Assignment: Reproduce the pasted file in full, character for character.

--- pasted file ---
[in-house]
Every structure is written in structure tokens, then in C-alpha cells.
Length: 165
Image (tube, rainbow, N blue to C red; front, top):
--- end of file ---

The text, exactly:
[in-house]
Every structure is written in structure tokens, then in C-alpha cells.
Length: 165
Image (tube, rainbow, N blue to C red; front, top):